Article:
Although gluten isn’t a four-letter word, it's starting to feel like one. Everywhere you turn, gluten is getting a bad rap, and more people are discovering they’re better off without it in their diet.
Last year I began to notice that I had a gluten sensitivity. I knew it was in my health’s best interest to remove gluten, but there was one problem: I hate restrictions. Although I admitted to myself it was best to cut it out, I struggled with the potential limitation in my life. Yes, I do eat a plant-based diet, but that has never felt restrictive (I swear!). Going gluten-free felt like I’d be in a prison of restrictions, and I’d be “that” person who couldn't eat what everyone else was eating.
It took me some time to come around, but when I felt really crappy after eating gluten one day, I knew it was time to take the plunge. I had no idea what to expect, or if I would even stick with it, but I committed to living gluten-free for 30 days. As time passed, something unusual happened. I kept waiting for a couple days of torture, or the usual conflict that arises when you really want to eat something you can’t have, but this never happened. Life sans gluten was turning out to be way easier then I ever imagined.
Thirty days flew by so quickly that I am now committing to 60 days gluten-free. If 60 days is as easy as the first 30 days, I may make this gluten-free lifestyle permanent.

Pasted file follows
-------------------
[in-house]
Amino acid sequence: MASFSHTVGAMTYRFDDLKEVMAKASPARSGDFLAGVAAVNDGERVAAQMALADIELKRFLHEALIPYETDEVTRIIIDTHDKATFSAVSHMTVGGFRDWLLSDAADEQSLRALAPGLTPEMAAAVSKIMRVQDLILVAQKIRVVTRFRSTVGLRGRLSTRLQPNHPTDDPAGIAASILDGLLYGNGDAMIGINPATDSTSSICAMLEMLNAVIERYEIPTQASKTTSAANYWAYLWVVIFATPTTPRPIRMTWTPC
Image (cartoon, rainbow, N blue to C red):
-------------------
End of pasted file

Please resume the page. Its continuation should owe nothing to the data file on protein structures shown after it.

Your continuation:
Removing anything from your diet can be challenging and intimidating. Here's what I discovered during my transition to gluten-free living.
1. Gluten-free options are everywhere.
It becomes less daunting making a serious change when the world seems to cater to it. Companies are well aware of the popularity of gluten-free diets, so labels are clearly marked "gluten-free," which makes it easy to navigate what you can and cannot have. Restaurants and bakeries are really good about offering gluten-free choices as well.
2. You start to eat more fruits and vegetables.
There are some labels you’ll never have to check when going gluten-free: fruits and vegetables. When avoiding gluten you are forced to get rid of some of your favorite snacks, which makes room for smarter choices. Let’s be honest, how many people can say they are eating the suggested daily amounts of fruits and vegetables? Going gluten-free may be the push you need to start consuming more.
3. Feeling bloated is a thing of the past.
My diet didn’t include a ton of gluten, but I ate my fair share. One thing I couldn’t ignore anymore was the bloating that occurred after eating gluten. Since starting this gluten free experiment, I haven't been bloated once.
4. The clarity you experience becomes addictive.
Research indicates that gluten can be the cause of many different health problems, and symptoms vary for everyone. I noticed that gluten was the cause of some brain fog I had been experiencing. After eating bread, or anything that had gluten in it, I became less focused and I felt a little “out of it." Part of the reason I am keeping gluten out of my body is the enjoyment that comes from being in a constant state of clarity.
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